So, YES, it is more than remotely possible for collectors to work from home. In fact, it is hugely successful. Many, in fact, are stunned at how effectively collectors can perform while using their homes as an office. Today, telephony software allows us to track, and record calls. Dialers can still manage the call flow. Video devices display the collector’s workspace. Virtual Private Networks allow for the office connectivity we require to work on collection platforms. Software tracks keystrokes.

         My hope is that our readers are finding success during these unpredictable times. Open your minds and focus on what we CAN do to keep moving forward despite the fact that we are continually being told what we CAN’T do. Conduct business differently. Think creatively. Survive instinctively. The other side of our challenges tomorrow will be determined by the decisions we make today!        

         We continually welcome thoughts and best practices from our readers. Feel free to send us your feedback for possible inclusion in a future column.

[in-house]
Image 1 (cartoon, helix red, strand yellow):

Harry can be reached at This email address is being protected from spambots. You need JavaScript enabled to view it. and at 570-336-7056.

Empathy:  Paving a New Road to Collector Understanding

 
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              2020 will undoubtedly be remembered as the year that forever changed the way people across the globe view life, socialize with one another, travel and transact business.  What a difference a few months can make and what a resilient people we are.  We are not only sharing the unique dynamics of the coronavirus crisis within the US from coast to coast but throughout the entire world.  In many ways it has broken down walls of difference.  In some ways it will create new cultures that will dictate how we live, work and interact.

            For many years as a trainer I have spent much time in my programs talking about how critical it is for collectors to attempt to understand the consumers with whom they are communicating.  The one on one exchange between collector and consumer is absolute gold in the collection process and much like precious metals, more and more of a rarity.  If we are fortunate enough to actually have a conversation, we have to use every tool at our disposal to make a successful connection with the consumer. Empathy forges that pathway and builds a foundation upon which understanding is key.  Henry David Thoreau said when referring to empathy, “Could a greater miracle take place than for us to look through each other’s eyes for an instant?”